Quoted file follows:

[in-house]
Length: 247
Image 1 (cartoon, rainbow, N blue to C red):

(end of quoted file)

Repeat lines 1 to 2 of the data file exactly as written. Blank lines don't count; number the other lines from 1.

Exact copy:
[in-house]
Length: 247